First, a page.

Human-Powered Data Management


February 28, 2013


Fully automated algorithms are inadequate for a number of data analysis tasks, especially those involving images, video, or text. Thus, there is a need to combine “human computation” (or crowdsourcing), together with traditional computation, in order to improve the process of understanding and analyzing data. My thesis addresses several topics in the general area of human-powered data management. I design algorithms and systems for combining human and traditional computation for: (a) data processing, e.g., using humans to help sort, cluster, or clean data; (b) data extraction, e.g., having humans help create structured data from information in unstructured web pages; and (c) data gathering, i.e., asking humans to provide data that they know about or can locate, but that would be difficult to gather automatically. My focus in all of these areas is to find solutions that expend as few resources as possible (e.g., time waiting, human effort, or money spent), while still providing high quality results.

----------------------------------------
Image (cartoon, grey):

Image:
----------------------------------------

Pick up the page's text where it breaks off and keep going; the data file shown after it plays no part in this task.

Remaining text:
Aditya Parameswaran

Aditya Parameswaran is a Ph.D. student in the InfoLab at Stanford University, advised by Prof. Hector Garcia-Molina. He is broadly interested in data management, with research results in human computation, information extraction, and recommendation systems. Aditya is a recipient of the Key Scientific Challenges Award from Yahoo! Research (2010), two best-of-conference citations (VLDB 2010 and KDD 2012), the Terry Groswith graduate fellowship at Stanford University (2007), and the Gold Medal in Computer Science at IIT Bombay (2007).